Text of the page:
|One lady sells supplies from her kitchen. There’s no need to pay at the time of purchase. She keeps a ledger of names and amounts. People pay later.||1) Community is much more important than money. 2) People know and trust each other. 3) People don’t carry much money when they go out.|
|Some people place cut limes, salt, and chili peppers along the side of the path in front of their homes. They do so every morning.||1) This has religious significance. 2) It’s done to keep insects, mice, and snakes away. 3) It’s a kind of decoration but without deep meaning.|
When I’ve done this activity with Japanese university students in Japan, they always return with some interesting observations from their own neighborhoods. They also almost always arrive believing the interpretations they’ve made are explanations. They’re Japanese interpreting their own culture. How could they be wrong?
Yet, they often are wrong, and they discover this as they work in groups to share and discuss their observations. That’s when they discover that there’s usually some disagreement, different opinions, and other points of view among their classmates. Although they begin sharing their interpretations as the answer, they soon find that what they really have is an answer. Realizing this is eye opening for everyone as they learn that even in a supposed monoculture, culture is not clear-cut and singular at all. There are many different ways of doing things, many different family traditions informing rituals, lots of variations in behaviors across neighborhoods and regions, and few easy answers or uniformly agreed upon interpretations.
Doing this activity with students several times over a course — focusing one time on holidays, for example, and another time on the rituals and behaviors surrounding food, for instance — is one way of helping students understand that there are few cultural universals. It helps students see that culture is living and various, and that the understanding we have of even our own culture is one formed by a self who’s been shaped by family, background, and experience — and is therefore singular and unreliable.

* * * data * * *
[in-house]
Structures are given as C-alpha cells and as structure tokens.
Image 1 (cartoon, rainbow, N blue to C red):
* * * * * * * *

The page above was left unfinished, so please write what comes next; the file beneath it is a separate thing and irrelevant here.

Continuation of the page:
Our observations about culture and our interpretations of the things we observe in a culture are an extension of who we are. Ask around. No one’s got the answer to what culture is and why people do the things they do. Most people, though, have an answer, and they’re usually happy to present it as fact.
Back in Soi 70-2 , I’m learning this again, having already discovered from one Thai informant that the people who spread limes, salt and chili in front of their houses are doing so to keep snakes away. A long-term foreign neighbor asked his Thai wife about this and she told him it’s a Buddhist thing. My current landlord told me it’s done to protect a house from unwelcome spirits, and the Thai lady at the local store who gives everyone credit said it’s to keep ants out. Who’s right? Not everyone.
That’s why I’ll be asking around, observing and interpreting, working to remember that culture in Soi 72-2 is like culture everywhere: not a puzzle to be solved, but rather something to be explored — and enjoyed.